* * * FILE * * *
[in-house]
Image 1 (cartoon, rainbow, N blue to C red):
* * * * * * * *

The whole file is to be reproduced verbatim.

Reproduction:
[in-house]
Image 1 (cartoon, rainbow, N blue to C red):